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January 6, 2010 -
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Today's tip is about how facility executives in corporate space should use evidence based design ideas to improve the productivity of their occupants.
Evidence-based design is well established in the health care industry, because of the health care culture of using research to make decisions. In the corporate world, decisions are more financially driven and therefore it's been difficult to get facility executives to study how particular facility strategies affect worker productivity.
But experts say that using evidence-based principles in the corporate world isn’t a lost cause. There are dozens of simple things facility executives can do to help quantify the effectiveness of workplace strategies. Simply tracking sick days in a new space compared to an old one is one simple way to gauge worker productivity. Obviously, absent workers aren't productive.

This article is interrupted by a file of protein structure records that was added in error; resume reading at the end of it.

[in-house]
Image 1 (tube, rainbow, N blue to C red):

Other studies have tracked how long workers spend doing certain tasks in an open office plan vs. a closed one to determine which is more productive. Another possibility is tracking billable hours per client in a space before and after a particular facility strategy - like a soundmasking system or new lighting - is implemented.
Having such data available that shows how particular facility decisions affected worker productivity can be an important part of the justification process the next time a renovation or capital project comes across the desk of the CFO.
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